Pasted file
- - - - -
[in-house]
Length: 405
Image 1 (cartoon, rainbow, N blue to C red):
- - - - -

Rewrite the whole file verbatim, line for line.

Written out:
[in-house]
Length: 405
Image 1 (cartoon, rainbow, N blue to C red):